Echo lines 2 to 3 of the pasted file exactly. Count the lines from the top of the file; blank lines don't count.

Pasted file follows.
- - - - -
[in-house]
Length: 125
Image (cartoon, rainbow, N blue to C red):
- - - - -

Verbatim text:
Length: 125
Image (cartoon, rainbow, N blue to C red):